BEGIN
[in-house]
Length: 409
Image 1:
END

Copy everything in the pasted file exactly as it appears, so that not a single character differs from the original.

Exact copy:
[in-house]
Length: 409
Image 1: